The mantle is of the finest Italian marble and adorned with beautiful bronze statuettes, the one in the center bearing an elegant clock, those at either hand representing Shakespeare and Tasso, respectively. Above the mantle is placed and elegant and costly French plate glass mirror. The walls are finished with China glaze and ornamented with distinguished works of art, and conspicuous among them were noticeable the two storm scenes by French, the one representing “Broad River Falls,” North Carolina, the other “Haymaking,” and each having a storm done to nature for a background. These elegant paintings were purchased at the recent art sale in this city. The windows are of fine plate glass and the furniture upholstered, the covering blending and harmonizing beautifully with the carpet.
The general description above given to the parlor applies equally well to the reading room. This room is 19×24 feet, and is to the left of the parlor. Here are to be found all the latest papers and periodicals for perusal. The paintings on the walls are also very fine and include a “Summer Scene in Orange County, New York” and Zang’s famous “Winter Scene.”
The chandeliers, both here in the parlor, are of elegant pattern, beautifully gilt and the finest ever brought to Virginia City. Large sliding doors connect this room with the parlor, as the two are fitted up en suite.
The billiard-room is carpeted with the same body Brussels as the parlor and reading-room.
It contains two elegant tables manufactured by Strahle & Co. with Delaney’s patent wire and rubber cushions and slate beds. Here everything is of the same style of elegance as prevails throughout the entire establishment. Even patent counters are introduced, thus doing away with the necessity of stretching wires across the room. This room is to the right as the upper hall is gained and communicates by sliding doors with the parlor.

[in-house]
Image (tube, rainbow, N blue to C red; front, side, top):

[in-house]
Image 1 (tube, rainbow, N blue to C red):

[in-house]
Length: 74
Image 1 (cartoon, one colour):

The wine and card-rooms are to the left of the upper hall and communicate with the reading-room. These are richly and tastefully furnished and contain everything which can contribute to the comfort and enjoyment of those who frequent them. These rooms are respectively 14×17 and 14×14 feet. The card-room is back of the library, and the wine and lunch-room in the rear of the card-room. The sideboard in the latter is of black walnut, elegantly and elaborately carved. Next to it is a sink of the same material and made to correspond therewith. The carpets in both rooms are of the same pattern and differ in figure only from those in the other rooms. The chandeliers in these rooms are most elegant and covered with steel plate, which is polished like silver.
The store-room is on the lower floor, where all the supplies are kept. The whole is under the immediate supervision of the Assistant Secretary, W.C. Brown. All supplies are charged to him. When anything is needed by the bar-tender upstairs, it is charged to the sideboard. Members partaking thereof or engaging in billiards, hand to the bar-tender a card prepared for the purpose, which is filled out with the name, article and amount. No money is used by the members. Their accounts are all kept and charged up and kept with their monthly dues. It is the duty of the Assistant Secretary to keep all these accounts, as well as to attend to their collection.
The Washoe Club opened its quarters for business on June 1, 1875, and according to reports in the press, applications for membership came in rapidly, but little did anyone realize that the Club was already at its zenith. Within less than five months the palatial club rooms were consumed by the flames that destroyed much of Virginia City on October 26, 1875, and members fell behind in paying assessments on their membership stock.